Council offices worth £1million in the north-east’s biggest town are still lying empty – more than two years after they were put on the market to help fund a plush new HQ.
Hundreds of thousands of square feet of local authority property has been vacant in Peterhead since staff relocated to a bespoke £5million office complex.
As part of the “spend to save” move into Buchan House on St Peter Street, council chiefs announced it would sell its former bases to create space for new businesses and to pay off the investment.
But four buildings, worth a combined £995,000, remain listed for sale on the council website.
Maintaining the buildings – including the former council chambers at B-listed Arbuthnot House on Broad Street and the Glenugie Business Centre – has cost the taxpayer around £100,000 in business rates alone.
Aberdeenshire Council has offered an assurance that some of the properties will be sold “imminently”.
However, the same assurance was made in June last year.
Last night, the local authority’s property boss Allan Whyte said: “We must gain the best value for the public purse and this can take time. We have however made significant progress in the disposal of our properties in Peterhead.”
Mr Whyte said one office on Broad Street has been sold and another leased out. Property at 16 Prince Street was traded for land adjacent to Buchan House.
“A sale of Arbuthnot House, 60 Broad Street and 18 James Street is expected to complete imminently.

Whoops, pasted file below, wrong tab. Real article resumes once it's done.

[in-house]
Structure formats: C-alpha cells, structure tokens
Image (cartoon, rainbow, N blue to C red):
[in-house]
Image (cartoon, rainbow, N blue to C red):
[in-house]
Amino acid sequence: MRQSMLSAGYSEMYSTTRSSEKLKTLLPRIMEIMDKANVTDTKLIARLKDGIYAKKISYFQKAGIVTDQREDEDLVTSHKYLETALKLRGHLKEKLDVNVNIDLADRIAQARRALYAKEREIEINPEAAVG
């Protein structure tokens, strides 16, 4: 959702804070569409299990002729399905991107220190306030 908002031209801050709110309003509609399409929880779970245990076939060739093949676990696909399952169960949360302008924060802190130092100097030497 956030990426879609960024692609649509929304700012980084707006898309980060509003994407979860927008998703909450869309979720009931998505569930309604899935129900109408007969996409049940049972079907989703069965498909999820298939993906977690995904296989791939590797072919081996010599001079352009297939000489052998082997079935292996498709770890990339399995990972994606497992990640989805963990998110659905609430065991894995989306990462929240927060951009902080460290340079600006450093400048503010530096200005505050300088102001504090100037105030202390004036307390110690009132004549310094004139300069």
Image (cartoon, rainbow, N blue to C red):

“The move to Buchan House and disposal of these properties is part of a council programme to create a reduced number of improved offices for council employees and residents.”
He added that the authority is “considering” an offer for the Glenugie Business Centre and that 64 Queen Street is under offer.
The former schoolhouse and business centre at 53 Windmill Street is on the market for £450,000.
The authority’s SNP-led Partnership administration made streamlining the council’s property portfolio a priority for the 2016-19 period.
Former co-leaders councillors Richard Thomson and Alison Evison declined to comment.
Buchan House was officially opened in 2015 and has space for 200 staff from the communities, education and children’s services, infrastructure and business departments.
It had been estimated the move would save almost £180,000 in bills each year, bringing office costs down from £378,000 to £200,000.
Deputy council leader Peter Argyle said: “Aberdeenshire Council is not immune to the challenging commercial property market. In addition we also have to ensure we get the right price for property. Our property staff have done a good job. There is no doubt in my mind that this project is of great benefit to Peterhead.”
John Pascoe, vice-chairman of business group Rediscover Peterhead, added: “I see them as opportunities in the changing scape of town centres and Peterhead in general.” He said the organisation is looking to set up a list of properties in the town to market them to firms outside the town.